I am not “casual dismissal and disparaging of foreign recognition” in general. I am, however, “casual dismissal and disparaging of foreign recognition”, when that recognition means nothing in academic circles. Dr Fyffe’s comment on this is very important…



    So my post was not emotional rather than cognitive.

    Was my post emotional? Yes. I am constantly frustrated with schools that hold no recognized accreditation yet present themselves as being accredited with degrees that are widely accepted. Trinity’s degrees are not widely accepted. Few, if any at all, regionally accredited Universities or Seminaries will accept Trinity graduate degrees or academic credits. In fact most Universities and Seminaries require their teachers to hold degrees from regionally accredited schools. Therefore a person who graduates from Trinity with a “Doctor of Arts” degree is not qualified to teach at most, if not all, regionally or nationally accredited schools.

    However my post was not absent of cognitive points. In fact the entire premise of my post was cognitive (as outlined above).

    I might do further research on this matter. I wonder how many regionally accredited or nationally accredited Universities or seminaries will accept Trinity academic credits or degrees? As I said above it has been a few years since I last visited this point. Even though I know things have not changed, since Trinity is still not accredited, I think I will check around and see if I can find any regionally or nationally accredited school that will accept graduate degrees/credits from Trinity. Should be interesting...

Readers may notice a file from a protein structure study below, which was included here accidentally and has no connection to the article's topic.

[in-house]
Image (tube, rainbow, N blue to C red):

11. UZThD

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    IMO, and I was a TTS student for a year (2001) , representatives of Trinity flat out lied about the accreditation, quality, and utility of TTS degrees. And at least some of the doctoral program s of Trinity were, and maybe are, very deficient. I wrote NCA re my opinion.
     
  12. iknowsomething

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    I believe Master's Seminary, and one other that escapes my mind will take tranfer credits from Trinity.
     
  13. Martin